Dis­plays great form for semi-fi­nal show­down with Tani­hara

New Straits Times - - Sport -

TOP-RANKED Dustin John­son won twice in im­pres­sive fash­ion on Satur­day to ad­vance into the World Golf Cham­pi­onships Match-Play Cham­pi­onship semi­fi­nals, where he will face 60thranked Ja­pan Tour star Hideto Tani­hara.

Reign­ing US Open cham­pion John­son de­feated fel­low Amer­i­can Zach John­son 5 and 4, then birdied to win three of the last four holes and hold off Swedish eighth seed Alex Noren 3 and 2 in the quar­ter-fi­nals at Austin (Texas) Coun­try Club.

John­son seeks his third ti­tle in a row after wins last month at Riviera and three weeks ago at the WGC Mex­ico Cham­pi­onship. He could be­come the first player to win ev­ery WGC event and match Tiger Woods as the only play­ers to win con­sec­u­tive WGC events.

“It’s a long way to go. I’ve got to make it to the fi­nals first,” John­son said of his chance at his­tory.

“Any­thing can hap­pen. I like the way I’m play­ing. I like my chances.”

He will face a de­ter­mined long­shot in 38-yearold Tani­hara, who dis­patched Eng­land's Ross Fisher 4 and 2 in the quar­ter-fi­nals after de­feat­ing Eng­land’s Paul Casey 2 and 1 in the round of 16.

US 42nd seed Bill Haas held off a late charge by coun­try­man Phil Mick­el­son to de­feat the five-time ma­jor win­ner 2 and 1 and reach a Sun­day semi-fi­nal against 22year-old Spa­niard Jon Rahm, the 21st seed who routed Den­mark’s Soren Kjeld­sen 7 and 5.

“He hits the ball a long way,” Haas said. “I def­i­nitely need to be in the fair­ways and put the pres­sure on him, make him at­tack. He’s cer­tainly go­ing to be very dif­fi­cult.”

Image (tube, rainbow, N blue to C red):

Haas and John­son each led 3up after nine holes but saw their matches tighten quickly be­fore they ad­vanced.

John­son won the first three holes against Noren and was 3-up at the turn, but the World No 1 missed a short par putt to lose 10 and found the wa­ter to drop 11, then watched as Noren rolled in a stun­ning 40-foot birdie putt at the par-5 12th to square the match – the first time all week any foe had been level with John­son after any hole.

John­son, who lost to Noren in the first round of the 2013 WGC Match Play, an­swered with birdies at 13, 15 and 16 to seal the win.

Tani­hara closed the front nine with four hole-win­ning birdies in a row, the long­est putt from five feet, to jump 4-up on Fisher at the turn. A six-foot birdie at 13 put Tani­hara 5-up and he halved Fisher three holes later to end mat­ters.

Three-time Masters win­ner Mick­el­son had not trailed this week un­til Haas opened their match with a birdie. Haas birdied to win the third, fifth and sixth to seize com­mand.

Mick­el­son birdied to win the 10th and claimed 12 with a par, then barely missed a 12-foot birdie putt at 13 to square the match. Haas birdied to win 15, Mick­el­son missed a 10-foot ea­gle putt at 16 and could only halve 17.

“I’ve been mak­ing that putt all week,” said the 47-year-old left­hander. “I had the op­por­tu­ni­ties to match him on sev­eral holes and I didn’t make the putts.” AFP

Any­thing can hap­pen. I like the way I’m play­ing. I like my chances.



Dustin John­son re­acts after putting for birdie on the 15th hole of his round five match in the World Golf Cham­pi­onships Match-Play Cham­pi­onship.

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